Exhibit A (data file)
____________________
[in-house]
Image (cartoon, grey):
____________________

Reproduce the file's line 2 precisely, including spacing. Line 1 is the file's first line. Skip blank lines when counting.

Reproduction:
Image (cartoon, grey):